Constructing Markets for Credit Cards in Postcommunist Countries and demolishing myths about markets, money and globalization

In countries without a history of economic stability, how can banks decide who should be given a credit card? How do markets convince people to use cards, make their transactions visible to authorities, assume the potential risk of fraud, and pay to use their own money? Why should merchants agree to pay extra if customers use cards instead of cash?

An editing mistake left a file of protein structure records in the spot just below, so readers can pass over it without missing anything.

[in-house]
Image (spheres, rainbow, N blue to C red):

This excellent book Plastic Money: Constructing Markets for Credit Cards in Eight Postcommunist Countries by Akos Rona-Tas and Alya Guseva tells the story of how banks overcame these and other quandaries as they constructed markets for credit cards in eight postcommunist countries. We know how markets work once they are built, but this book develops a unique framework for understanding how markets are engineered from the ground up—by selecting key players, ensuring cooperation, and providing conditions for the valuation of a product. Drawing on extensive interviews and fieldwork, the authors chronicle how cbanks overcame these hurdles and generated a desire for their new product in the midst of a transition from communism to capitalism. This enlightening book is an important theoretical and empirical contribution to economic sociology.


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